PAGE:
By Ed O'Keefe
Washington Post Staff Writer
Sunday, December 5, 2010; 9:10 PM
Obama administration officials reminded rank-and-file federal workers and contractors late Friday to steer clear of WikiLeaks, the controversial document-sharing Web site.
"Classified information, whether or not already posted on public Web sites or disclosed to the media, remains classified, and must be treated as such by federal employees and contractors, until it is declassified by an appropriate U.S. government authority," officials warned.
The Office of Management and Budget sent the message in a memo addressed to agency general counsel, asking them to remind workers of existing restrictions on access to classified documents.
OMB Director Jacob Lew had already instructed departments and agencies to ensure that employees with access to classified information networks did not have more access than necessary and to restrict the use of removable media such as CDs or flash drives on such networks. Those orders promptedsome departments to issue warnings to employees.
Friday's memo states that workers and contractors must "use government information technology systems in accordance with agency procedures so that the integrity of such systems is not compromised."
The memo is meant to be adapted and then sent to each agency's workers.
It does not instruct agencies to block the WikiLeaks Web site.
The Defense Department has issued a similar reminder to military personnel and contractors, stating that viewing the documents violates military policy even though they may be available on public Web sites.
Employees and contractors who inadvertently accessed or downloaded any classified or sensitive information without prior authorization are reminded to contact agency information security offices, the memo said.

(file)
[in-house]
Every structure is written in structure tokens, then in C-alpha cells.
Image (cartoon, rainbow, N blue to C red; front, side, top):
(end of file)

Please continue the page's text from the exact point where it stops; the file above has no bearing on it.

In a similar warning, college students considering careers with the federal government received ane-mail this week warning against reviewing classified information posted by the document-sharing Web site.
Career counselors at Columbia University's School of International and Public Affairs urged students not to post links to the documents or make comments on social media Web sites, including Facebook or Twitter.
"Engaging in these activities would call into question your ability to deal with confidential information, which is part of most positions with the federal government," said an e-mail the office said it sent to students on the advice of an alumnus who works for the State Department.
But the employee's warning "does not represent a formal policy position," State Department spokesman P.J. Crowley said Saturday.
"This sounds like an overly zealous employee," Crowley said in an e-mail. "Our focus is advising current employees not to download classified documents to an unclassified network.
"While we condemn what WikiLeaks has done, we cannot control what is done through private Internet accounts."